England’s brilliant Lionesses have put smiles on our faces and given us a dream: dare we hope for an English football team to win a major trophy, instead of always being second best, gallant losers, smiling sheepishly in defeat?
Since Sarina Wiegman took over as manager, the England women’s team has undergone a total transformation, winning 17 out of the last 19 matches, conceding just four goals and scoring a whopping 104. Wiegman excels at controlling a player’s mindset, teaching them to focus on the now, not the past, not the failures. She preaches positivity, having played from a young age, coaching her national team – the Netherlands – to victory in the Euros in 2017.
And look at how her girls celebrated their wonderful win over Sweden, the tournament favourites! They jumped for joy and so did we.
I can’t thank them enough.
I can’t thank the Lionesses enough for ensuring the women’s game is taken seriously – and for inspiring women, writes JANET STREET-PORTER Pictured: England captain Leah Williamson
Women’s football has struggled to be taken seriously for so long, regarded as second best to the men’s game for 50 years.
The Lionesses’ inspiration strikes quite the contrast with the Love Island contestants (Pictured: 19-year-old Gemma Owen)
If this tournament was played by men, last night’s match would have been played at a Premier League stadium, although Sheffield United’s stands were packed to capacity with almost 29,000 hysterical fans.
It’s as if the male-dominated world of professional football couldn’t believe that the female sex might be the key to rebranding their sport, enticing a new audience, from children and mums to young women. Fans who’ve held parties splashing out millions on pink wine and popcorn, not beer and crisps. Fans who hold hands, hug and jump for joy. What more evidence do these dreary men need?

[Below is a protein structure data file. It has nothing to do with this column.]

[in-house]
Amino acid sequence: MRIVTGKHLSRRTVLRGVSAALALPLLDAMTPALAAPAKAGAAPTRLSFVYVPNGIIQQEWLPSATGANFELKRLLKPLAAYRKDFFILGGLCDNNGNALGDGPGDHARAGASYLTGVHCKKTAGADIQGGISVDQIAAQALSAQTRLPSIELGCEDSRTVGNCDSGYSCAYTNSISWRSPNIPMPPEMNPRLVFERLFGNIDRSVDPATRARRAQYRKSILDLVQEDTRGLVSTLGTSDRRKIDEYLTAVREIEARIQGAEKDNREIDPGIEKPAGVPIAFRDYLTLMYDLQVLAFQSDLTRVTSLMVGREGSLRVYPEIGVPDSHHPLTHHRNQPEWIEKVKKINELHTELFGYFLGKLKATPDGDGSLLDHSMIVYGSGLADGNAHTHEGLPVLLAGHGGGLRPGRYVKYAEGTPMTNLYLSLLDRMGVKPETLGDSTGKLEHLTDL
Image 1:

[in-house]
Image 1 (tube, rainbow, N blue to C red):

During the last few weeks, the Lionesses have shown it’s possible to turn a football match from a slightly threatening occasion into a silly, frenetic disco where everyone dances with mad abandon. Pleasure and joy are key, not chucking beer over rivals or shouting racial slurs and smutty songs, chucking over barriers and throwing punches.
Now one huge hurdle lies ahead. Can this bunch of incredibly dedicated and talented women – inspired by a genius of a manager- pull off the heist of the century and win the Euros final this Sunday?
More importantly, can the brilliance of goal scorers like Beth Mead and Alessia Russo inspire British women to get off their backsides, onto their feet and exercising once again?
England will play a huge final on Sunday (Alessia Russo celebrates the third goal yesterday)
The Lionesses are super-fit. The same can’t be said of almost half of the female population- a new survey from a health charity reveals that one in three women say their health has deteriorated since lockdown and one in seven have given up exercise altogether.
Slumped in front of Love Island, stuffing snacks and fizzy drinks, we need to regain our pride in our bodies again.
Whatever the result on Sunday- and we’ll all be praying and manifesting for victory like mad- there’s no doubt that the Lionesses have become huge stars in the process, role models for the young girls all over the country.
Young women across the country will be inspired by the Lionesses – unlike Love Island’s stars
I hope that the vapid antics of the over-primped females on Love Island- are being superseded by these modern women, girls who fight and win on their own terms, who take pride in their achievements, work with, not against their workmates. Women’s football isn’t just about physical prowess- at this level it requires huge stamina, guts, and proper intelligence to read the opposition.